Choose the Best
Realistically, retirement may not be the best chapter of life for everyone. Experiencing retirement as the best chapter is not automatic; it calls for wisdom, commitment, perspective, energy, endurance, and faith. Just as we may dread coming to the end of a great book we are reading, we usually aren’t ready to finish the book of our lives on earth. But part of reading a book is coming to the end and finishing it. The end is important. The same is true in our earthly book of life. We want to finish well and to make the last chapter the best chapter.
Someone once wrote, “The pleasures of old age are not less than those of youth, but they are different.” In the last chapter of life, we can reach a new level of peace and blessings—perhaps after many storms in earlier years. Although there may indeed be storms of life in retirement, the hurry of life is over. A special sense of freedom comes in choosing what to do with our time. Earlier chapters of life tend to be tied to a sense of have-to rather than want-to in what we do. Retirees who want to can pursue their curiosities, try something new and different, travel near or far, gain new skills, become a Good Samaritan, and say yes or no to requests for their time.
The last chapter in life is also harvest time for satisfaction. We begin to recall the satisfactions of life’s experiences. We experience joy when we see part of our best genes at work in our children, grandchildren, and great-grandchildren. We realize that, in a sense, the last chapter will not be the end of our lives on earth, even after we are gone. This kind of satisfaction comes as our thanksgiving for blessings is greater than our griefs over losses in life or scars of life.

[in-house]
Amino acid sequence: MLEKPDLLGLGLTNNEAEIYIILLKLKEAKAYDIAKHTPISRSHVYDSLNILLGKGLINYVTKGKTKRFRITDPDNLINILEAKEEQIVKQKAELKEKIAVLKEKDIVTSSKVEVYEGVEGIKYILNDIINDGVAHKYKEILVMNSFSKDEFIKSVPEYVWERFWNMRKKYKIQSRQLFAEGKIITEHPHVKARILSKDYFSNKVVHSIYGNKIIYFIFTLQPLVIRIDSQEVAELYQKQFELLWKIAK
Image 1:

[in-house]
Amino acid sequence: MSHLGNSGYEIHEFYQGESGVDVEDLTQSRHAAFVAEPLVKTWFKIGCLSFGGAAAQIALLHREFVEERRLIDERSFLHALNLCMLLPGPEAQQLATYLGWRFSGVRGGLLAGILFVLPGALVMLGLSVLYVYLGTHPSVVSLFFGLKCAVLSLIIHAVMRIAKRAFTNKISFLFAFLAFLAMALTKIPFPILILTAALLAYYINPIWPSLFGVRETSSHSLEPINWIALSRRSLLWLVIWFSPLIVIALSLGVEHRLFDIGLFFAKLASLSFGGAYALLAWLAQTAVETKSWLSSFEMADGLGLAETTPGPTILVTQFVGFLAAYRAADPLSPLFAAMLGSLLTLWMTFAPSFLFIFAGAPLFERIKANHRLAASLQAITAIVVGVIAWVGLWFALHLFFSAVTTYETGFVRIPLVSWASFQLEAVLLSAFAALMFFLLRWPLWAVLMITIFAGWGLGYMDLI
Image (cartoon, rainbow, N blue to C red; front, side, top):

Say Yes to All of Life
Psychologist Paul Tournier saw the successful writing of the last chapter of life as the final chance to say yes to life. About his own life he stated, “My old age has meaning. I can live through it with my gaze still fixed before me, and not behind me, because I am on my way to a destination beyond death.” For anyone who has entered retirement and hasn’t yet said yes to life, there is still hope as he/she comes to life’s last chapter. This hope requires a conversion, a transformation, an about-face that moves from the negative to the positive. This kind of change is not possible for the individual to make alone. It is the experience of surrendering with a trusting yes to God’s gift of grace—the Lord Jesus Christ. Then the end of life’s book will not be the end of life; rather, it will be the beginning of another sequel in eternal life which never ends. But, even though we often picture ourselves writing our final chapter when we’re old, we must be prepared to write this part of our life’s book at any moment.